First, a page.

“Alumnus”, “Alumni”, “Alumna”, “Alumnae”: What's the Difference?



A classic scene in the Monty Python movie, The Life of Brian, asks the question: “What have the Romans ever done for us?” While the Romans are long gone, their influence remains strong in the English language with its many Latin loanwords, including alumnus.


The Romans originally used the word alumnus to mean “foster child”. It eventually evolved to also mean “pupil”.


In today’s English, we use “alumnus” to mean a graduate of an educational institution or program. You might also hear someone referred to as an “alumnus” of a company or organization that they worked for.

Nouns borrowed from Latin can cause confusion as they behave differently from other English words, particularly when changing from singular to plural (alumnus vs. alumni) or from masculine to feminine (alumnus vs. alumna).


So let’s set the record straight.


What does ‘alumnus’ mean?


An alumnus is one male graduate. For example: Arnold Schwarzenegger is an alumnus of the University of Wisconsin.


Note that over the years, the definition of alumnus has expanded to also include a former member of any structured organization (a company, an association, etc.).


What does ‘alumni’ mean?


Alumni is the plural form of alumnus, so you’d use it when referring to more than one graduate.


The only time you wouldn’t use alumni is if all the graduates are female. That’s right, if there’s a group of 1,000 female grads and one male, you’d still use alumni. Unfortunately, the Romans were not familiar with modern ideas about gender-inclusive language. In case of any doubt, consider referring to both alumni and alumnae (the female, plural form).


For example:

  • Colin, Samuel and Gerald are all alumni of the same program.

  • We look forward to welcoming all alumni and alumnae of the class of 2000.


What does ‘alumna’ mean?


An alumna is one female graduate. For example: Natalie Portman is an alumna of Harvard University.


What does ‘alumnae’ mean?


Alumnae is the plural form of alumna, so you’d use it when referring to more than one female graduate. It’s a very common word in the context of all-female colleges such as Barnard, who proudly refer to their “alumnae stories”.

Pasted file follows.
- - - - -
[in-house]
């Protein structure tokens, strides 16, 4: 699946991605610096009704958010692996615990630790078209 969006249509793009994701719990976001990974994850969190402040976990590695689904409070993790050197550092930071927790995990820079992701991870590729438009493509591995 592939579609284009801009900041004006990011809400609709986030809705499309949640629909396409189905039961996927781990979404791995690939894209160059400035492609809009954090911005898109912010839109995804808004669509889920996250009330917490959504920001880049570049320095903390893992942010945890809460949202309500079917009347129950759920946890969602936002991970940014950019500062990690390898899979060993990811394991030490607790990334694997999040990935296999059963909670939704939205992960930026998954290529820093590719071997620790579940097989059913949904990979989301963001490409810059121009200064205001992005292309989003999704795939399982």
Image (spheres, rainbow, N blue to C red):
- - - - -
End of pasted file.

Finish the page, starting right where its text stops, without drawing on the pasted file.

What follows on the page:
When to use ‘alum’?


Alum (alums in plural) is a shortened version of alumnus or alumna. It developed in modern times as an informal way to refer to a graduate, and also to save people having to keep track of the different Latin endings. It’s more likely to be used in conversation.


For example: You studied at the University of Singapore? What a coincidence, I’m an alum also!


As the world becomes more and more conscious of different identities, using the word alum also avoids having to define graduates by their gender. Interestingly, Latin has a built-in neuter ending for nouns which could also solve this problem, but I don’t see alumnum catching on any time soon.


How to write ‘alumnus’, 'alumni', 'alumna', 'alumnae'


Given that these words come from Latin, some style guides recommend italicizing them when typing. They should not be capitalized, unless they are the first word of a sentence, or form part of an official name, for example the P&G Alumni Network.


In a nutshell


Now you should be able to switch smoothly between alumnus, alumni, alumna, alumnae and even alum, depending on the situation.


But take care: good grammar is important, but in situations where many people don’t know the rules, using the correct forms may make your writing difficult to understand, or even seem pretentious. If in doubt, consider other options such as graduate or former employee. With any text, understanding your audience is the key to good communication.


Samuel Green, Marketing Writer at Wix

Samuel is thrilled that his high school Latin has finally been of use. He’s an alumnus of Trinity College, Cambridge.





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